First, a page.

Author: Akemi Dawn Bowman
Publisher: Simon Pulse
Publication Date: September 11th, 2018
Price: $25.99 CAD (hardcover) at Indigo Books & Music Online
Rumi Seto spends a lot of time worrying she doesn’t have the answers to everything. What to eat, where to go, whom to love. But there is one thing she is absolutely sure of—she wants to spend the rest of her life writing music with her younger sister, Lea.
Then Lea dies in a car accident, and her mother sends her away to live with her aunt in Hawaii while she deals with her own grief. Now thousands of miles from home, Rumi struggles to navigate the loss of her sister, being abandoned by her mother, and the absence of music in her life. With the help of the “boys next door”—a teenage surfer named Kai, who smiles too much and doesn’t take anything seriously, and an eighty-year-old named George Watanabe, who succumbed to his own grief years ago—Rumi attempts to find her way back to her music, to write the song she and Lea never had the chance to finish.
Yikes. I picked up this book at my local public library because I wanted some stupid summer themed books to read during my road trips and in my hammock, and Summer Bird Blue seemed like the perfect choice, but it was actually much different than I anticipated.
This book had absolutely zero plot. Nothing. Nada. I have no idea what the actual point of this story was other than the fact that Rumi is grieving her sisters death and is going to live with her aunt in Hawaii. Like other than that she’s just sitting around on the island for most of the days grieving her sister, which was really boring to read.
The idea of the book was good, not man YA books really hit you with a close loss like Summer Bird Blue, but the book is just repetitive and annoying. Like we GET that life without Lea is going to be terrible and is going to be hard but repeating it in different ways in every chapter? It gets rough after a while!
There was also the fact that there were so many characters with no actual importance to the story at all and were only people for Rumi to say her sob story to. Like the hairdresser at the salon or all of Kai’s friends, did not accomplish or contribute anything, yet we head so much from them. Another example would be the drama between Kai and his borderline abusive dad who wants him to join the military. Kai gets into big fights with him about it and Rumi talks to him about it and they make it all a big deal like “wow Kai is going to defy his dad! Thats so good! Be your own person!” but then he proceeds to willingly join the military at the end of the novel…. so what was the point of any of that dialogue?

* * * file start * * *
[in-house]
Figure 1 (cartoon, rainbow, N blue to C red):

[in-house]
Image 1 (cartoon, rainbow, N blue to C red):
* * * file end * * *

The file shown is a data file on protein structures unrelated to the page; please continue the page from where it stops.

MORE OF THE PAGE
The ending was pretty loosely closed too, we never hear of Kai’s friends again, we have no idea if Rumi has figured out her orientation yet, she has a big moment with Kai and then it takes her about three weeks before she can talk to him again, their goodbye was terrible, we don’t really know what happened to Mr. Watanabe or his family, Rumi just decides one day to forgive her mom after going off through the whole novel that she’s the most terrible person on the planet, and when her mom shows up she just goes back home like its all no biggie and she hasn’t been throwing fits whenever her aunt brought up her mother before! I thought it was just this super quick slope to the ending when it took her 300 pages to get used to Hawaii and its almost as if the author ran out of time or something and had to end the story then and there because it left alot of unfinished and confusing stuff in its wake…
Maybe its because I’ve never actually had to deal with grief before, but this story seemed overly immature and agonizingly long! I try to be polite and respect stories like this because grief is something that many people must deal with, but I just feel like it was wrongly portrayed in this book. Rumi also changes the way she feels all the time. One second she likes Kai, the next she doesn’t, one second she’s coming to terms with her sisters death and the next she digs herself this big hole and tells herself that she will never be able to live normally without her sister. Very confusing.
Nope. The whole point of this book was for her to finish the song she began to write with her sister before she died, Summer Bird Blue, but the song she writes seemed like it had nothing to do with any of the words she chose. I heard lots of amazing things on this book, but for some reason it just isn’t for me! I really tried to love it but I thought it drifted and dwelled on so many things and I just was not having it with this one. Writing a novel so bold like this one though is something to be reckoned with! I’ve also never read a book with a seemingly asexual character so pros to that!
I’d recommend this book to someone who wants a dramatic and coming of age story about grief, identity, and change!
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